One physical distinction between unidirectional versions of antennas embodying this invention and those of the invention described in the cross-referenced application Ser. No. 589,476 is that in the latter invention any pair of consecutive slot radiators are situated on alternate or opposite sides of the E-plane of the tapered waveguide, whereas all slot radiators are on the same side of that plane in the unidirectional antennas embodying this invention. A second physical distinction is that all slots in the unidirectional antennas of the cross-referenced invention are on either a top wall or else a bottom wall of the waveguide, but never in both of those walls in one and the same antenna version, whereas the slots in any unidirectional antenna of this invention are all on a top wall, or all on a bottom wall, or all in one of the two side walls, where the electric field in the waveguide is perpendicular to the top and bottom walls and is vanishingly small at both side walls. The electrical distinction due to these physical distinctions is profound because the partial time phase difference of the electric field excitations in any consecutive pair of slots, which partial phase difference is the component of total phase difference due solely to the transverse location of those slots, is 180° in antennas embodying the cross-referenced invention but zero degrees in antennas of this invention. The practicably important net result of this difference is that, for operation over the same frequency band, a given antenna of the cross-referenced invention is physically about one-half as long as the corresponding antenna in this invention, so that the power gain of the fan-shaped beam provided by the latter antenna is about twice as high as (or three db more than) that of the corresponding antenna of the former invention. Antenna versions in the cross-referenced invention are therefore more suitable for those applications in which space is limited and/or it is desirable to employ fan-shaped beams whose narrow radiation pattern beamwidths are about twice those of corresponding antennas in the present invention. Conversely, antenna versions of the present invention will be preferred when their additional physical length is not critically important and/or their additional 3 db of antenna gain is either desired or required in any pertinent system application.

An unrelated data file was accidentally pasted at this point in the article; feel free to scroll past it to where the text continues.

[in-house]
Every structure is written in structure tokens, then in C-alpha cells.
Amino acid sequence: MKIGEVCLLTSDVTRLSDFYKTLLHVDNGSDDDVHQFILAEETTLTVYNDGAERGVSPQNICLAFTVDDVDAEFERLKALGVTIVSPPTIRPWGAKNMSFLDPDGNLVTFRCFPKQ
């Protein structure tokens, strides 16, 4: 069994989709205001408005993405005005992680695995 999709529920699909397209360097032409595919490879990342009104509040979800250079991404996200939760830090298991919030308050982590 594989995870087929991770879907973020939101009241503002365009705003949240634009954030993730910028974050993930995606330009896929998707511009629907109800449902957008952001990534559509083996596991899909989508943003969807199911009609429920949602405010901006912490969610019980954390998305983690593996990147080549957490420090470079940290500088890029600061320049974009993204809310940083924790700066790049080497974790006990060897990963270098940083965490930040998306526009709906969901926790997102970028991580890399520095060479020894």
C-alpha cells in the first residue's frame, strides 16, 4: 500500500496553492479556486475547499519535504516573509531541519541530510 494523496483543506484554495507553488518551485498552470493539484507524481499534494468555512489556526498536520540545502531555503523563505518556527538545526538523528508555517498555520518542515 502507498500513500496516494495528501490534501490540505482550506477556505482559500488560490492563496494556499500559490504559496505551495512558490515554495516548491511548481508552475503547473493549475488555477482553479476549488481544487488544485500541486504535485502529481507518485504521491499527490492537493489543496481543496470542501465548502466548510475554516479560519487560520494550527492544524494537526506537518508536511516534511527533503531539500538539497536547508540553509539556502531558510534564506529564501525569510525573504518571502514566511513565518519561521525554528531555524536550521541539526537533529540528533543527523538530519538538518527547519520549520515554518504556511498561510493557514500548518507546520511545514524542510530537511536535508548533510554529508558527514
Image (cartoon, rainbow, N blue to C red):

Referring now to the drawings, an antenna 10 embodying this invention is shown in FIGS. 1, 2 and 3 and comprises a ground plane 12 forming part of one of the side walls of a linearly tapered doubly-ridged waveguide 13. In this version, the ground plane has a plurality of slots 15 and 15' formed on opposite sides of the magnetic field center plane 16 of the waveguide with inter-slot spacing and slot dimensions decreasing in increments of a predetermined ratio τ in accordance with log-periodic antenna design. In other words, the dimensions and inter-slot spacings are log-periodically related in accordance with the following relationship: